Of course, many more such statements could be culled from innumerable authors. However, the issue here is not to provide an exhaustive series of quotations on the subject, but rather to invoke reflection upon one of the issues we face in the Church today: the problematic tendency to view valuation of these things, or to give them any practical concern, with suspicion and generally to view these aspects in a diminutive way; and as regards those who hold them, of being a mere aesthete, of only being concerned for show and pomp, or of having misplaced priorities in the face of the "more serious business" of the day. But these suggestions are both too general (since there is no such necessity) and also fail to understand or give sufficient weight to the serious business that is the sacred liturgy -- a business, let's recall, that particularly touches and forms all of the faithful, day by day and week by week, including our future priests and bishops -- and it most certainly fails to consider the sacred liturgy in all its parts and aspects; parts and aspects that are intimately woven together.

Ironically, it is a problem which seems to have heightened precisely at the time of (and possibly, in some cases, in response to) the pontificate of Benedict XVI, a Pope who in both practice and discourse, evidently understands the importance of both aspects, as well as the central importance of the liturgy generally.

Let's be fair though. Could someone hold a skewed view of these things? Absolutely. But let's remember that the skewed view of the outer aspects of the liturgy can cut two ways. The way of the aesthete, yes indeed, who intentionally pushes aside what the outer things relate to. This is wrong. But on the opposite end of the spectrum, those who fail to recognize or acknowledge the influence of these things and diminish their value and relevance, seeing them as unimportant and shallow, ironically, because they are looking at the matter itself far too shallowly. That too is wrong.

In both cases, we have a problem, and the common root is an improper divorce of the interior and exterior dimensions of the Faith which fails to recognize not only that there is an intimate relationship, but which perhaps fails to comprehend how the outer aspects, even down to its details, have a profound influence upon us and are a gateway to the inner aspects -- aspects that they wish to (rightly) give importance. (For those who would debate the issue of details, one must ask themselves why the Church legislates on these matters if they are inconsequential, shallow, or without importance and influence? One specific example to consider in this regard is how the Church mandates the use of "precious" and "noble" materials for a chalice. This is not only for pragmatic reasons -- less possibility of breakage -- but also because the noble materials both befit and visually speak to the invisible mystery contained within: the Precious Blood. Many other similar examples can be cited.)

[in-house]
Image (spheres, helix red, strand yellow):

Such a divorce between the outer and inner aspects could be understood to amount to a kind of liturgical dualism, because it places a division where there is not properly one, and where instead there is an intimate, intertwined relationship. Of course, not all who object to a consideration of externals are, strictly speaking, suggesting there is no relationship whatsoever, but they are perhaps not giving sufficient weight to that relationship, and thus there is something of a dualistic tendency that is arguably present to some greater or lesser degree -- to what degree could only be evaluated on a case by case, argument by argument basis. However, if one accepts the reality of this fundamental relationship, that the outer aspects are a "gateway" to the inner aspects, the visible speaking to the invisible, which in turn reaches back out to and influences the other aspects of the practice of our Christian life, then the concern as to whether this is not a misplaced emphasis should quickly be resolved, with our only concern being to ensure that, in our pursuit of these projects (which should be pursued), we concurrently work against any form of liturgical reductionism, including mere, narcissitic aestheticism on the one hand, and liturgical minimalism on the other.

That our experiences, actions and other external dimensions of life generally have a profound influence upon us, forming us, moving us and so forth, is really a matter of common sense and our lived experience. We are creatures both of body and soul; material and spiritual. We live accordingly and respond accordingly. What is true in life is also true in liturgical and ecclesiastical life. To thus deny or minimize their relevance and importance, even in the face of our lived-experience which speaks so poignantly to their influence upon us in so many regards, is, to paraphrase Mosebach, to rebel against the self-evident.